By contrast, in the 1972 election Nixon won every state in the Union except Massachusetts, winning more than 70% of the popular vote in most of the Deep South (Mississippi, Alabama, Georgia, Florida, and South Carolina) and 61% of the national vote. He won more than 65% of the votes in the other states of the former Confederacy and 18% of the black vote nationwide. Despite his appeal to Southern whites, Nixon was widely perceived as a moderate outside the South and won African American votes on that basis.
Glen Moore argues that in 1970 Nixon and the Republican Party developed a "Southern Strategy" for the midterm elections. The strategy involved depicting Democratic candidates as permissive liberals. Republicans thereby managed to unseat Albert Gore, Sr. of Tennessee as well as Senator Joseph D. Tydings of Maryland. However, for the entire region the net result was a small loss of seats for the Republican Party in the South.
Regional attention in 1970 focused on the Senate, when Nixon nominated Judge G. Harrold Carswell of Florida, a judge on the Fifth Circuit Court of Appeals to the Supreme Court. Carswell was a lawyer from north Florida with a mediocre record, but Nixon needed a Southerner and a "strict constructionist" to support his "Southern Strategy" of moving the region toward the GOP. Carswell was voted down by the liberal block in the Senate, causing a backlash that pushed many Southern Democrats into the Republican fold. The long-term result was a realization by both parties that nominations to the Supreme Court could have a major impact on political attitudes in the South.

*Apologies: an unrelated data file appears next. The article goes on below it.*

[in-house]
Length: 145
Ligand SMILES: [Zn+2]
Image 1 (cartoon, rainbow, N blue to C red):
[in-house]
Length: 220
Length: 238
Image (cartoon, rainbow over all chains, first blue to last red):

In a year-by-year analysis of how the transformation took place in the critical state of Virginia, James Sweeney shows that the slow collapse of the old statewide Byrd machine[clarification needed] gave the Republicans the opportunity to build local organizations county by county and city by city. The Democratic Party factionalized, with each faction having the goal of taking over the entire statewide Byrd machine, but the Byrd leadership was basically conservative and more in line with the national Republican Party in economic and foreign policy issues. Republicans united behind A. Linwood Holton, Jr. in 1969 and swept the state. In the 1970 Senate elections, the Byrd machine made a comeback by electing Independent Harry Flood Byrd, Jr. over Republican Ray L. Garland and Democrat George Rawlings. The new Senator Byrd never joined the Republican Party and instead joined the Democratic caucus. Nevertheless, he had a mostly conservative voting record especially on the trademark Byrd issue of the national deficit. At the local level, the 1970s saw steady Republican growth with this emphasis on a middle-class suburban electorate that had little interest in the historic issues of rural agrarianism and racial segregation.